With the state staring at what could be the third consecutive year of drought, the Karnataka government is going ahead with a cloud seeding project at an estimated cost of Rs 35 crore.
A special plane from Dakota, United States arrived at the Jakkur airfield in Bengaluru on Friday, for initiating chemical-induced rains in basins of three rivers in the state— Cauvery, Malaprabha and Tungabhadra in Bengaluru, Gadag and Yadgir.
Bangalore Mirror reports that Rural Development and Panchayat Raj (RDPR) department is working on setting up a weather radar at the Gandhi Krishi Vigyan Kendra (GKVK) which is essential for the process.
“The government is all set for the project and, hopefully, it will be launched on August 18, assuming that the weather radars will be commissioned by then. The radars have to track the density and movement of clouds and, based on the radar information, the technicians aboard the aircraft will take up cloud seeding,” HK Patil, minister for RDPR said.
The state cabinet had approved allocation of Rs 30 crore for the project as a drought relief measure in July.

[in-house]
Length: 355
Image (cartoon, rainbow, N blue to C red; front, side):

The Deccan Herald report said that rainfall deficit in the current monsoon season stands at 26%, according to Meteorology department data.
As of Sunday, water levels of all dams in the state barring Almatti, were half-filled or less and were in worse condition than in 2016, on the same day, reportedThe New Indian Express.
What is cloud seeding?
A weather modification experiment, cloud seeding is a way of inducing rainfall from rain-bearing clouds using chemicals. However, experts have consistently argued that cloud seeding is not a sure-shot way to bring about rains, and is not a proven technology.
Dr HS Shivaramu, Professor and Head, Agro-meteorology Department, University of Agricultural Sciences, had said that cloud seeding has a success rate of only 20%.
While cloud seeding was first implemented in 1940s, several Indian states including Maharashtra, Tamil Nadu and Andhra Pradesh have experimented with it since the 1980s, and the results have been largely unsatisfactory.